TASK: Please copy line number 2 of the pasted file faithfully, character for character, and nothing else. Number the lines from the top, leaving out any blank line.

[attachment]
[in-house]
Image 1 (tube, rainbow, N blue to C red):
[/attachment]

Image 1 (tube, rainbow, N blue to C red):